This picture is illegal in California


Or rather, the action being performed in that picture is illegal in California. It's not that the lettuce is not organic or anything. It's that it is evidence of someone working during their lunch break:

I mentioned earlier that we had struggled to comply with California meal break law. The problem was that my workers needed extra money, and so begged me to be able to work through lunch so they could earn a half-hour more pay each day. They said they would sign a paper saying they had agreed to this. Little did I know that this was a strategy devised by a local attorney who understood meal break litigation better than I. What he knew, but I didn't, was that based on new case law, a company had to get the employee's signature every day, not just once, to avoid the meal break penalties. The attorney advised them they could get the money for working lunch AND they could sue later for more money (which he would get a cut of). Which is exactly what they did, waiting until November to sue so they could get some extra money to pay for Christmas bills. This is why -- believe it or not -- it is now a firing offense at our company to work through lunch in California.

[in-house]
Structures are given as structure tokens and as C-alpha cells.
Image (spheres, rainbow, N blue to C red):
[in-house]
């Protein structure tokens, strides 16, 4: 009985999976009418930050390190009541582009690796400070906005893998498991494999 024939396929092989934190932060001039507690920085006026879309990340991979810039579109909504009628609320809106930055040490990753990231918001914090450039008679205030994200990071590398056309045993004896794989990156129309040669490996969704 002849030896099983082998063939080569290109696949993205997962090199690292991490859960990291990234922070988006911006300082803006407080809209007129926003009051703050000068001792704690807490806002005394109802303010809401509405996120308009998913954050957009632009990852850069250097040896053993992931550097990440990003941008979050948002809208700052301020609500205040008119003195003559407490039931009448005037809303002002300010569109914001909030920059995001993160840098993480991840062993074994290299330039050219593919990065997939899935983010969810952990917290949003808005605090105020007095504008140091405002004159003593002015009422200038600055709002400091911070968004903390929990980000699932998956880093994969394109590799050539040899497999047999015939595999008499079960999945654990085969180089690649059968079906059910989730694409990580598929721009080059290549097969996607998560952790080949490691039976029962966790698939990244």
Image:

Eventually a system becomes so encrusted by such nonsense that nothing useful can ever be done and all that can be is to chase the paper around in ever decreasing circles. That is arguably what happened to the Ottoman Empire, various incarnations of the various Indian and Chinese empires and so on and on. It's one of the reasons that we here shout so loudly about regulation and the necessity of a bonfire of much of it.

We do not say that there should not be regulation, not at all. But we do say that we need to carefully consider who is doing the regulating. There are times and circumstances when it does need to be the bureaucrat or the politician. But far more often tasks that they take upon themselves will be better regulated through what we might call simple market processes. Markets are, after all, just the interaction of voluntary behaviour and surely we can trust two adults to agree between themselves about whether someone might usefully check a spreadsheet, or not, while munching on a salad?